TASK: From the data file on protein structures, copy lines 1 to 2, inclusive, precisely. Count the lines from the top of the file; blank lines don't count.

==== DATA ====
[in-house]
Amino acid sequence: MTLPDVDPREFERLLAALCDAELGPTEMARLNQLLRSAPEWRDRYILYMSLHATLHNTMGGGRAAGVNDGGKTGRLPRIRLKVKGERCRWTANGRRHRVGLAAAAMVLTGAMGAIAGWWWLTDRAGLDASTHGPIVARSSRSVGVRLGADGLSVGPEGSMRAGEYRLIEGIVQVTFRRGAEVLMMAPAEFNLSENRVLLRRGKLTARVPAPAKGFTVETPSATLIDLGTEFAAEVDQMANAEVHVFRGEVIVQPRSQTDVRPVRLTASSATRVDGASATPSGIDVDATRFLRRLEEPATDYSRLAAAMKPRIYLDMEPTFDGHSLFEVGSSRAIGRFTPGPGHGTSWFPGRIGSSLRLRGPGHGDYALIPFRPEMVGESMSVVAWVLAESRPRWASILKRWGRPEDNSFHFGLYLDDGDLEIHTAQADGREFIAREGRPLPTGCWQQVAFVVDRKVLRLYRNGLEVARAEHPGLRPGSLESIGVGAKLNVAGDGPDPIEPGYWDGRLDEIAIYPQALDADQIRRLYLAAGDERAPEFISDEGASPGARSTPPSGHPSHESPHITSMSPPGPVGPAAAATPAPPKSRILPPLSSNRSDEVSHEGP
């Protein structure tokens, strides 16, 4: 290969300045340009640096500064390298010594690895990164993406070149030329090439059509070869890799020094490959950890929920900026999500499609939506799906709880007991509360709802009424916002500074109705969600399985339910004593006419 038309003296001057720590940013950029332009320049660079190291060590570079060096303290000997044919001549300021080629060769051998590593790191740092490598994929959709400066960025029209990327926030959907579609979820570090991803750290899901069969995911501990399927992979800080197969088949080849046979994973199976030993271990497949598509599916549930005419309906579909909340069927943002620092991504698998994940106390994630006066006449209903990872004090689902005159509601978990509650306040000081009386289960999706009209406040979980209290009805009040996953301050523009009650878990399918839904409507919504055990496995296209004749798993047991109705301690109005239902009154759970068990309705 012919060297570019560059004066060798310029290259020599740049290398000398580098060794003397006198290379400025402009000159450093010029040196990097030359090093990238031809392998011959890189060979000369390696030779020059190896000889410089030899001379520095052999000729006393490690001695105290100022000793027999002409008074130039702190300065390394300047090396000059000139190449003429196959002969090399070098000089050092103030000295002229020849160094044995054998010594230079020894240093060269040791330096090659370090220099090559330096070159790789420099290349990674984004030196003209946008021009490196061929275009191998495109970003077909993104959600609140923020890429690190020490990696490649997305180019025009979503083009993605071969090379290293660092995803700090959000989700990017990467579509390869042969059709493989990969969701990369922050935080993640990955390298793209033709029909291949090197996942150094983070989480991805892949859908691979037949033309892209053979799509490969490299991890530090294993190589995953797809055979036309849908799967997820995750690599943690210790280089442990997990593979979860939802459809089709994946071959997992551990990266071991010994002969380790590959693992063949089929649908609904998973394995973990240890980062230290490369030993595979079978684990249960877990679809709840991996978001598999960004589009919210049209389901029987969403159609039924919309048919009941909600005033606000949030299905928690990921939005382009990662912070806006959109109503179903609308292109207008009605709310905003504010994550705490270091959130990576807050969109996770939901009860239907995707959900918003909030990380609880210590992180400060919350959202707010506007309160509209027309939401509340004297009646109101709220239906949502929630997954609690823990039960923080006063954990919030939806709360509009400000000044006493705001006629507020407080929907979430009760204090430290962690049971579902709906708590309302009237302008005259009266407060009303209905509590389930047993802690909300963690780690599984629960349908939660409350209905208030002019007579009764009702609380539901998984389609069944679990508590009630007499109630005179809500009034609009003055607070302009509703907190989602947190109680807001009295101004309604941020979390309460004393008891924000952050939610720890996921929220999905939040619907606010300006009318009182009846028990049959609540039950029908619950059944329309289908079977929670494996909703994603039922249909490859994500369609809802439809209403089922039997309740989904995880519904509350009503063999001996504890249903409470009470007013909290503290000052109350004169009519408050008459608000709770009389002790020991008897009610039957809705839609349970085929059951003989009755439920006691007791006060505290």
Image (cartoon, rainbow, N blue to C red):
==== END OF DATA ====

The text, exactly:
[in-house]
Amino acid sequence: MTLPDVDPREFERLLAALCDAELGPTEMARLNQLLRSAPEWRDRYILYMSLHATLHNTMGGGRAAGVNDGGKTGRLPRIRLKVKGERCRWTANGRRHRVGLAAAAMVLTGAMGAIAGWWWLTDRAGLDASTHGPIVARSSRSVGVRLGADGLSVGPEGSMRAGEYRLIEGIVQVTFRRGAEVLMMAPAEFNLSENRVLLRRGKLTARVPAPAKGFTVETPSATLIDLGTEFAAEVDQMANAEVHVFRGEVIVQPRSQTDVRPVRLTASSATRVDGASATPSGIDVDATRFLRRLEEPATDYSRLAAAMKPRIYLDMEPTFDGHSLFEVGSSRAIGRFTPGPGHGTSWFPGRIGSSLRLRGPGHGDYALIPFRPEMVGESMSVVAWVLAESRPRWASILKRWGRPEDNSFHFGLYLDDGDLEIHTAQADGREFIAREGRPLPTGCWQQVAFVVDRKVLRLYRNGLEVARAEHPGLRPGSLESIGVGAKLNVAGDGPDPIEPGYWDGRLDEIAIYPQALDADQIRRLYLAAGDERAPEFISDEGASPGARSTPPSGHPSHESPHITSMSPPGPVGPAAAATPAPPKSRILPPLSSNRSDEVSHEGP